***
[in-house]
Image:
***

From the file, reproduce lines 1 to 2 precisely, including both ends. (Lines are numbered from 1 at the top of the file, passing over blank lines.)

[in-house]
Image: